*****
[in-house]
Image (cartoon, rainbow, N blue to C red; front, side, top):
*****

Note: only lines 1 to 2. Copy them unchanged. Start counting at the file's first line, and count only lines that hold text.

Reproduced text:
[in-house]
Image (cartoon, rainbow, N blue to C red; front, side, top):